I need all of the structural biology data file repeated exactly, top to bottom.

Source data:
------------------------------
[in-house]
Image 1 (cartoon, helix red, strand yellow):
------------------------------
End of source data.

[in-house]
Image 1 (cartoon, helix red, strand yellow):